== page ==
HomeRun8 HIIT Running Workouts for Speed

8 HIIT Running Workouts for Speed

Running!  Some people love it some call it a necessary evil.  Whichever it is for you really doesn’t matter because in the sport of triathlon you have to do it.  As a side note, if you’re looking for some running gear deals, check out our deals section. People are always asking me how to improve on their run times in a triathlon.  Well, I’m not a running coach by any means but three things stick out.

Number one you have got to have quality speed work (note not quantity), an overdistance day, and the rest should be easy recovery runs.  Number two you have to be able to run after a hard bike.  And number three you gotta have fun.  I read an article by Matthew Brick once that said too many amateur athletes do too much moderate tempo work and never go hard often enough or easy often enough.  

First let me make it clear that I am not knocking Hazen’s low heart rate training.  I believe in it, it has gotten me back into shape after injury, but I also think after you achieve that “base” you need to push yourself at or near race pace occasionally.

Many of these workouts I am going to share with you left Hazen and I gasping for air in the muggy Charleston streets.  That said, please use caution when attempting to add speed work to your routine.  Especially if you’ve never attempted it before or if you lack adequate base mileage.  Try to use a heart rate monitor to gauge your effort and workout with a buddy whenever possible. This is not a set “schedule” just try some of these as your weekly need for speed session. Remember, these are supposed to be FUN

*note: consider your aerobic zone as follows upper limit=180-age, lower limit= upper limit-10.


Warm up for 10 minutes (at or just under lower limit), run 20 minutes at or near upper limit +5-10 bpm; cool down 10 minutes (at or below lower limit).


Warm up 10 minutes, run 5 minutes in aerobic zone, run 5 minutes at upper limit, run 5 minutes at upper limit +5bpm, run 5 minutes at upper limit +10bpm, cool down 10 minutes.


Warm up 10 minutes, run 5 minute at upper limit +5-10bpm/recover 5 minutes at 5-10 bpm less than lower limit, run 4 minutes/recover 4 minutes (as above), run 3 minutes/recover 3 minutes, run 2 minutes/recover 2 minutes, run 1 minute/recover 1 minute, warm down 10 minutes at recovery pace.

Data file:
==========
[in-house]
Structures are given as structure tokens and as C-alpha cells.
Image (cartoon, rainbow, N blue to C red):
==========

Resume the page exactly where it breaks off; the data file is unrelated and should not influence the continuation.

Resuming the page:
Warm up 10 minutes, run 4×400 meters at upper limit +5-10(recover 200 jog at or below lower limit between each 400), easy 400 jog after 4 repeats. Repeat 2-3 times. Cool down 10 minutes.

5. ALTERNATE 600s  


Warm up 10 minutes, run 6-9 600 repeats as follows: odd 200 hard, 200 easy, 200 hard; even 200 easy, 200 hard, 200 easy; Run 200 easy recovery between each 600, cool down 10 minutes easy.    Hard should be 5- 10 bpm over upper limit, recovery 5-10 bpm less than lower limit, cool down 10 minutes.


Warm up 10 minutes, do 3-4 repeats of 1 mile at 5-10 bpm above upper limit, rest period should be roughly half the time it takes you to complete your mile, cool down 10 minutes. Can be done on road or track.


Warm up 10 minutes, do the following repeats (work interval at 5-10 bpm above upper limit, recover at 5-10bpm below lower limit): 200 with 100 recovery, 400 with 200 recovery, 600 with 300 recovery, 800 with 400 recovery, 600 with 300 recovery, 400 with 200 recovery, 200 with 100 recovery. Cool down 10 minutes.


(my very favorite workout of all time!)

Grab your running shoes, stick them in a packback and warm up to your favorite track. Run a mile at your lower limit. Now get ready to rock and roll. Ride at race pace for 3 miles (on the road or right on the track if an asphalt surface), dismount and transition to running gear, run 1 mile at 5-10 bpm above upper limit.

Rest for 3-4 minutes. Repeat above 3-4 times. Beginners to brick work may want to start with 1.5 mile bike/half mile run repeats. This is a great workout and also helps give you numerous times to practice your transition from bike to run. One hint: drink a lot of fluid, I would even take my water bottle out of the cage and slurp some down during the first 200 of the mile (talk about race like conditions!).  For those in the city or who find it hard to haul everything down to the track, these can be done at home on the trainer and with a run up and down the block (you’ll get the same effect but not near the intensity)

Well that’s about all I have for now. Hope that keeps you busy. You didn’t think I would give away all my training secrets did you? Have fun and stay healthy!

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Steve Elton MS
Steve Elton MS
Steve Elton is a physical therapist for Body Pros, strength and conditioning specialist, coach, and triathlete. He received his MS from the University of South Carolina and holds certifications through the NSCA, NASM. Steve is a former elite triathlete with racing experience from sprint to Ironman distance.


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